Hollywood studios, Disney, Warner Bros., and Sony Pictures Entertainment said they would pause theatrical releases of upcoming films in Russia.
They said this was in response to Russia’s invasion of Ukraine and the unfolding humanitarian crisis.
The Walt Disney Company said it was pausing the release of theatrical films in Russia, starting with the upcoming Pixar Animation Studios release, “Turning Red.”
WarnerMedia said it would pause this week’s release of “The Batman” in Russia within hours.
“We will make future business decisions based on the evolving situation,” Disney said in a statement.
“In the meantime, given the scale of the emerging refugee crisis, we are working with our NGO partners to provide urgent aid and other humanitarian assistance.”
Given the ongoing military action in Ukraine, “we will be pausing our planned theatrical releases in Russia, including the upcoming release of Morbius,” a Sony Pictures Entertainment spokesperson said in an emailed statement.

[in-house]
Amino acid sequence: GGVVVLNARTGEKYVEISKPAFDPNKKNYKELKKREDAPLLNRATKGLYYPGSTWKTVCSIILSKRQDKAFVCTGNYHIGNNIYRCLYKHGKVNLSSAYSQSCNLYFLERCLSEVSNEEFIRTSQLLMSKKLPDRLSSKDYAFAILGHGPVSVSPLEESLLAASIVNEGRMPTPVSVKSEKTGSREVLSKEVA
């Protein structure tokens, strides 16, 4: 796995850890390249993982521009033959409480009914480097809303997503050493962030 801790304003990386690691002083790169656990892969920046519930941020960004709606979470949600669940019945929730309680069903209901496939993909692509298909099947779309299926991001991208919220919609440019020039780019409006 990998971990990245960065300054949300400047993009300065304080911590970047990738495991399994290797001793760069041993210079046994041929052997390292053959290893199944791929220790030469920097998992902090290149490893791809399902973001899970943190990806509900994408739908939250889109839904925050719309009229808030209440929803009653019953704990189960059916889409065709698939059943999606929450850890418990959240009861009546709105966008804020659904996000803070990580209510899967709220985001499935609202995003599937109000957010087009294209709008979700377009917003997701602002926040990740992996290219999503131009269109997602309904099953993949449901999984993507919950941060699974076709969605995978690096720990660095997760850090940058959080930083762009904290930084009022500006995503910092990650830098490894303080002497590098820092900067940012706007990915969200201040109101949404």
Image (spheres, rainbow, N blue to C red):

Over the weekend, the Ukrainian Film Academy created an online petition that called for an international boycott of Russian cinema and the Russian film industry following the invasion.
According to Comscore, Russia remained a significant market for Hollywood, accounting for 601 million dollars in the box office in 2021, or about 2.8 percent of worldwide ticket sales, totaling $21.4 billion in 2021.
Several notable films were slated for global release, “The Batman,” scheduled to open in Russia on March 3 as part of a worldwide roll-out, and Paramount Pictures’ “Sonic the Hedgehog 2,” which made its global debut on April 8.
WarnerMedia said it would continue to monitor the situation as it awaited “a swift and peaceful resolution to this tragedy.”
One Hollywood trade publication reported that studio executives were wrestling with the Russia question and that the U.S. and its European allies enacted economic sanctions.
“If the U.S. and its allies want to cut off Russia from the rest of the world, then how will we go ahead and release our movies there?” one studio executive told The Hollywood Reporter.
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